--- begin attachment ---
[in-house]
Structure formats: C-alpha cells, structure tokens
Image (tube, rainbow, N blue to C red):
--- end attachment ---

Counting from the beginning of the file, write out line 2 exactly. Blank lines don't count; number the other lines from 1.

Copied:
Structure formats: C-alpha cells, structure tokens